'We Dodged A Bullet,' Says NWS Hydrologist As Ice Moves, Dropping Kuskokwim Flood Risk

May 4, 2020

Kuskokwim River breakup in front of Bethel, Alaska on the evening of May 3, 2020.
Credit Katie Basile / KYUK

The Kuskokwim River has largely cleared itself of in-place ice, greatly reducing the chances of flooding along the river, according to National Weather Service hydrologist Celine Van Breukelen. She’s flying with the River Watch crew, monitoring breakup conditions along the Kuskokwim.

“We dodged a bullet," she said after surveying the river on May 4. The ice jam below Napaimute released just before midnight on May 3. By then, the ice downstream had been able to soften and begin moving.

The news comes after days of communities being under a NWS flood watch, and after weeks of preparing flood evacuation plans.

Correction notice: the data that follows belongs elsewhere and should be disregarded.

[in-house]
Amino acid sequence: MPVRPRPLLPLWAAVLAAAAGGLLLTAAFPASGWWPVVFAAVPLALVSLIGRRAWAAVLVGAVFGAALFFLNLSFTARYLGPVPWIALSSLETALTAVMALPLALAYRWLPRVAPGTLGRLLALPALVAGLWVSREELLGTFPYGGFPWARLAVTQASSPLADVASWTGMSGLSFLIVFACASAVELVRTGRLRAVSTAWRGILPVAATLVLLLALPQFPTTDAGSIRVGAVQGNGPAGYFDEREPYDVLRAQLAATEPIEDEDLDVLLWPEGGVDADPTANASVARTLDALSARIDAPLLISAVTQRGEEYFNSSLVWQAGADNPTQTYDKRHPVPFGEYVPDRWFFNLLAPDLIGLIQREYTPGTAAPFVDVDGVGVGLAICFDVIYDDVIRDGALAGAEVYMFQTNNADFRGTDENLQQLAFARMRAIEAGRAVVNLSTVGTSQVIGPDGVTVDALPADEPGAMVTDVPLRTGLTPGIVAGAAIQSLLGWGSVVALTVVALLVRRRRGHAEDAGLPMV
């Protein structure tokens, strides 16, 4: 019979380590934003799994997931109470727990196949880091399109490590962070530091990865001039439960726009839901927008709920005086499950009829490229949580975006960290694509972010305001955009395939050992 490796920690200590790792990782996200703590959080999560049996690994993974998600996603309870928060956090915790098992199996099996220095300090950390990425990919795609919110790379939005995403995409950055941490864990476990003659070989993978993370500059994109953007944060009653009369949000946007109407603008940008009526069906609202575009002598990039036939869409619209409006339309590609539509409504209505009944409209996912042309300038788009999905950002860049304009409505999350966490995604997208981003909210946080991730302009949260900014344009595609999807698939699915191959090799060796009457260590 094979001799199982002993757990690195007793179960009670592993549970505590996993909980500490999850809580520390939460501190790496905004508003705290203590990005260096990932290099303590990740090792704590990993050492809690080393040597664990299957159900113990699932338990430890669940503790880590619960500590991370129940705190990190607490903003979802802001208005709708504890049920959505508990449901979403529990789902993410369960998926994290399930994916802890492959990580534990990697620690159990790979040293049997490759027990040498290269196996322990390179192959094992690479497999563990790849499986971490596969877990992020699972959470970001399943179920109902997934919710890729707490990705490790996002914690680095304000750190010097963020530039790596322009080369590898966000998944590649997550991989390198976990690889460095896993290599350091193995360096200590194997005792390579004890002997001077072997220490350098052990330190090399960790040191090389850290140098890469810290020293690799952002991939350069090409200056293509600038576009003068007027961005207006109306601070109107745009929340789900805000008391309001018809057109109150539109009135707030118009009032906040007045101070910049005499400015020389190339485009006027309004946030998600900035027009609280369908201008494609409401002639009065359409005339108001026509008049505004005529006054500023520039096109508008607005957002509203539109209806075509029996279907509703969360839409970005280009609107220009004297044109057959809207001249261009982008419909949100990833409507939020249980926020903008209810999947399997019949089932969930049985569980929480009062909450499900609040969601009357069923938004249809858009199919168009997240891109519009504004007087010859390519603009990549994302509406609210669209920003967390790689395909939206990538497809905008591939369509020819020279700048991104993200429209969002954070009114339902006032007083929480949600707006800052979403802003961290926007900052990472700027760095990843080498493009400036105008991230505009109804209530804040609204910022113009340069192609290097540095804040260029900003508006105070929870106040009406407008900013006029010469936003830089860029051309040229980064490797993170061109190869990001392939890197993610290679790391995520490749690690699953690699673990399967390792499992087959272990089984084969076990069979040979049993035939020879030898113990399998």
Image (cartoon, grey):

As of the afternoon of May 4, Van Breukelen said that only one small ice jam remained on the lower river just upstream of Tuluksak near Bogus Creek. Ice also remains between McGrath and Stony River. Van Breukelen said that this ice is a boating hazard and not a flood threat.

Van Breukelen also reported seeing the loose barge floating down the Kuskokwim. On the afternoon of May 4, she spotted it downstream of Kalskag, near Coffee’s Bend.

Alaska Logistics Company owns the barge. It’s loaded with rip rap, or basketball sized rocks and was bound for Red Devil when it became frozen into the river near Aniak last fall. It’s been making its way downriver since the ice broke. River residents hope that it doesn’t capsize, dump its load, and block the river channel.

On May 5, the Kuskokwim River Watch crew will fly its final flight of the season.